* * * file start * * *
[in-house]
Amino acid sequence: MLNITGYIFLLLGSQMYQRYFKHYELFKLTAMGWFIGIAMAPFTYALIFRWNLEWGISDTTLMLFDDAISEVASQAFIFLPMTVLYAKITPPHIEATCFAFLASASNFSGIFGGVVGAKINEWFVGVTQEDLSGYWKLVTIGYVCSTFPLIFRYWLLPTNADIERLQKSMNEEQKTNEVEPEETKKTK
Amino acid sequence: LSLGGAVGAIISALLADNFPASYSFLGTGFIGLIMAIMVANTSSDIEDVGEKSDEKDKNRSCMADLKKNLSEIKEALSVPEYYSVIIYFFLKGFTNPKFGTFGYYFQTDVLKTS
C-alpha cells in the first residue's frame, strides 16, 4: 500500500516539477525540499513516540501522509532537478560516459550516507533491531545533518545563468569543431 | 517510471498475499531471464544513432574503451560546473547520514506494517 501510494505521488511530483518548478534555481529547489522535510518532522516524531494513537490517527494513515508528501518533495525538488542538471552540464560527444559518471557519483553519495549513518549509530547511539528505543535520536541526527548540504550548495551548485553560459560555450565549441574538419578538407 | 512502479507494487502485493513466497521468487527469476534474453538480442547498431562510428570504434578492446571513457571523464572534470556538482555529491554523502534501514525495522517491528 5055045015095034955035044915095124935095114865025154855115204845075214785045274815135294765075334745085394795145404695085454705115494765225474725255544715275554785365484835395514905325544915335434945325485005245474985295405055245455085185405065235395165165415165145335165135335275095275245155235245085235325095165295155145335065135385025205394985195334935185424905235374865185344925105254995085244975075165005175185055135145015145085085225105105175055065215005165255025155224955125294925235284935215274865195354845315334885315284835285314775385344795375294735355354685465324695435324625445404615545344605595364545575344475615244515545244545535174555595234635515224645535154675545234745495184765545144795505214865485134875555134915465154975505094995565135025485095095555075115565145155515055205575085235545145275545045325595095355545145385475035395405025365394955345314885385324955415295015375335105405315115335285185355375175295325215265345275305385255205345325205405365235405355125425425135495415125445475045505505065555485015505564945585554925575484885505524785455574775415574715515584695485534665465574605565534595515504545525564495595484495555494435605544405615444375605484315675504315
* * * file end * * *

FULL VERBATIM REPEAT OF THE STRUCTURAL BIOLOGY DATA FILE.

[in-house]
Amino acid sequence: MLNITGYIFLLLGSQMYQRYFKHYELFKLTAMGWFIGIAMAPFTYALIFRWNLEWGISDTTLMLFDDAISEVASQAFIFLPMTVLYAKITPPHIEATCFAFLASASNFSGIFGGVVGAKINEWFVGVTQEDLSGYWKLVTIGYVCSTFPLIFRYWLLPTNADIERLQKSMNEEQKTNEVEPEETKKTK
Amino acid sequence: LSLGGAVGAIISALLADNFPASYSFLGTGFIGLIMAIMVANTSSDIEDVGEKSDEKDKNRSCMADLKKNLSEIKEALSVPEYYSVIIYFFLKGFTNPKFGTFGYYFQTDVLKTS
C-alpha cells in the first residue's frame, strides 16, 4: 500500500516539477525540499513516540501522509532537478560516459550516507533491531545533518545563468569543431 | 517510471498475499531471464544513432574503451560546473547520514506494517 501510494505521488511530483518548478534555481529547489522535510518532522516524531494513537490517527494513515508528501518533495525538488542538471552540464560527444559518471557519483553519495549513518549509530547511539528505543535520536541526527548540504550548495551548485553560459560555450565549441574538419578538407 | 512502479507494487502485493513466497521468487527469476534474453538480442547498431562510428570504434578492446571513457571523464572534470556538482555529491554523502534501514525495522517491528 5055045015095034955035044915095124935095114865025154855115204845075214785045274815135294765075334745085394795145404695085454705115494765225474725255544715275554785365484835395514905325544915335434945325485005245474985295405055245455085185405065235395165165415165145335165135335275095275245155235245085235325095165295155145335065135385025205394985195334935185424905235374865185344925105254995085244975075165005175185055135145015145085085225105105175055065215005165255025155224955125294925235284935215274865195354845315334885315284835285314775385344795375294735355354685465324695435324625445404615545344605595364545575344475615244515545244545535174555595234635515224645535154675545234745495184765545144795505214865485134875555134915465154975505094995565135025485095095555075115565145155515055205575085235545145275545045325595095355545145385475035395405025365394955345314885385324955415295015375335105405315115335285185355375175295325215265345275305385255205345325205405365235405355125425425135495415125445475045505505065555485015505564945585554925575484885505524785455574775415574715515584695485534665465574605565534595515504545525564495595484495555494435605544405615444375605484315675504315